Government

Social Security is more important than ever … why?😕

The following is true, but …

Social Security provides two-thirds of retirees with half or more of their income. It provides virtually all of the income of one-third of senior beneficiaries. Cutting these modest benefits would throw millions into poverty and increase the depths of poverty of millions more.

The American people are divided on many issues, but not Social Security. They recognize that Social Security is a solution and should be expanded, not cut. Poll after poll shows that Democrats, Republicans, and Independents overwhelmingly agree that Social Security should not be cut and that the program’s modest, but vital, benefits are more important than ever. Source: Huff Post

Social Security has been around for eighty years. During that period there has been tremendous economic growth and some missteps. There are more and more programs to help the lower income and middle class and several vehicles to help prepare for retirement. And yet … “the program’s modest, but vital, benefits are more important than ever.”

More important than ever? Why? 

Why over all these years of opportunity haven’t the American people learned to plan for their retirement? No, it’s not because they can’t afford to. It’s because it’s a low priority and to do so would cut into the present day standard of living. 

There is no reason to believe this will ever change. It’s time to be honest. Raise the payroll tax to both make Social Security sustainable and raise benefits. Of course, more will never be enough and making the Social Security benefit too large will only encourage less personal responsibility, but that’s the age in which we live. 

For the average retiree Social Security is designed to replace about 40% of income. How much higher are we willing to pay for?


Advertisements

9 replies »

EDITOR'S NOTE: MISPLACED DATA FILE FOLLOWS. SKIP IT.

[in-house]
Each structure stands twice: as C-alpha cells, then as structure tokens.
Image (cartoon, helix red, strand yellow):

1. Something doesn’t add up in this article. For 100% of the retirees, they get than 50% of their income from Social Security. Now add in the cash value of their Medicare benefits. Who needs pensions & 401Ks. If Social Security was only intended to replace only 40%, then the program has exceeded that goal. What are people complaining about then?

    Like

  2. That’s the problem! Those who want higher benefits want others to pay for them. As current funding confirms, people are not willing to pay for the current levels of benefits.

    Like

  3. However: 1.) a college education is much more expensive than sixty years ago, 2.) housing, especially in some of the largest metro areas, is much more expensive than sixty years ago, 3.) health care is much more expensive than sixty years ago.

    Like

    • You are correct Vince..

      1.) a college education is much more expensive than sixty years ago. Easy credit.Student loans. Everybody needs a college degree.Higher demand =higher prices

      2.) housing, especially in some of the largest metro areas, is much more expensive than sixty years ago. Easy credit. If you can fog a mirror, you can get a mortgage. Government policies. The American dream. Tax policy subsidizing home-ownership through mortgage interest deduction.Higher demand = higher prices

      3.) health care is much more expensive than sixty years ago..Can’t blame this one on easy credit. Higher prices come from some combination of health insurance, technological advances in healthcare and healthcare litigation. Doctors order every test known to mankind. CYA

      Like

  4. “Why over all these years of opportunity haven’t the American people learned to plan for their retirement?”

    I think that over the past 50 or 60 years the American people have unlearned something they already knew. The mind set of saving for a future need was destroyed by the proliferation of easy credit. If I want something now, I can have it now and I’ll worry about paying for it later.

    Like

What's your opinion on this post? Readers would like your point of view.

Fill in your details below or click an icon to log in:

WordPress.com Logo

You are commenting using your WordPress.com account. Log Out / Change )

Twitter picture

You are commenting using your Twitter account. Log Out / Change )

Facebook photo

You are commenting using your Facebook account. Log Out / Change )

Google+ photo

You are commenting using your Google+ account. Log Out / Change )

Connecting to %s